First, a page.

Dave Brat’s victory over House Majority Leader Eric Cantor has been widely attributed to Brat’s opposition to immigration reform. But in his campaign, Brat and his Tea Party backers gave equal weight to denouncing Cantor as a tool of Wall Street, the big banks, the U.S. Chamber of Commerce and the Business Roundtable. Brat’s campaign reflected an old strain of rightwing populism that continues to be an important part of our politics.
American populism is rooted in middle class resentment of those who are seen as enjoying the benefits of the goods and services the middle class produces without having earned them through work. Its ideology is what historians call “producerism.” It first appears in the Jacksonian Workingmen’s Parties and then in the Populists of the late nineteenth century. But it takes a leftwing and a rightwing form.
Facing an ailing economy, leftwing populists from Huey Long to Paul Wellstone primarily blame Wall Street, big business and the politicians whom they fund. Rightwing populists from George Wallace to Pat Buchanan also blame Wall Street, but put equal if not greater blame on the poor, the unemployed, the immigrant, and the minorities, who, like the coupon-clipper on Wall Street, are seen as economic parasites.
The Tea Party is a heterogeneous movement, but many of its members, and many of the local candidates it champions, are rightwing populists. And that was certainly true of Brat. The Randolph-Macon College economics professor attacked Cantor for supporting what he called “amnesty” for illegal immigrants, but he also took aim at Wall Street and big business.
Speaking last month before the Mechanicsville Tea Party, Brat tied Cantor to Wall Street and big business, whom he blamed partly for the financial crisis. “All the investment banks in the New York and D.C.—those guys should have gone to jail. Instead of going to jail, they went on Eric’s Rolodex, and they are sending him big checks,” he said. Brat echoed these charges in a radio interview. “The crooks up on Wall Street and some of the big banks—I’m pro business, I’m just talking about the crooks—they didn’t go to jail they are on Eric’s Rolodex,” he said.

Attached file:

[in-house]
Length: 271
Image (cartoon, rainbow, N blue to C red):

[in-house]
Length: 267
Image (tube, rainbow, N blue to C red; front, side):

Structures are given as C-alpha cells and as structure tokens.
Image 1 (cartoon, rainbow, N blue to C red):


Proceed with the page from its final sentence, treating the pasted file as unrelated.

Brat and local Tea Party leaders also criticized Cantor for attempting to water down the Stock Act, which banned members of Congress from profiting from insider trading. “One congressman changed the act so spouses could benefit from insider trading,” Brat charged, referring to Cantor. (Cantor drew equal fire from Democrats for attempting to undermine the bill.)
Brat’s case against immigration reform was directed at big business as much as it was directed at the immigrants themselves. “They get cheap labor,” he said of big business, “but everyone in the 7th district gets cheap wages.” He accused Cantor of following business’s lead on immigration reform. “Eric is running on the Chamber of Commerce and Business Roundtable principles,” Brat told a Tea Party audience. “They want amnesty for illegal immigrants. They want them granted citizenship. And it’s in the millions—40 millions—coming in. If you add 40 million workers to our labor supply, what will happen to the wage rate for the average American?”
Brat’s appeal was frankly demagogic. Cantor was not supporting amnesty, and there are about 10 million illegal immigrants currently in the United States. Some of Brat’s Tea Party supporters took it a step further. Larry Nordvig, the head of the Richmond Tea Party, told a joke at Brat rally. “A politician, a Muslim, and an illegal alien walk into a bar, and you know what the bartender said? Good evening, Mr. President.”
If he is elected in November, Brat may, of course, jettison the anti–Wall Street and anti-big business side of his politics. His actual economic views appear to be close to those of the Cato Institute and Ayn Rand. His solutions for America’s flagging economy consist in flattening the tax code and cutting spending—positions that will certainly not alienate the Chamber of Commerce or Business Roundtable. But in defeating Cantor, Brat echoed the age-old, darker, and more complicated themes of right-wing populism. These themes will continue to resonate, even if Brat abandons them.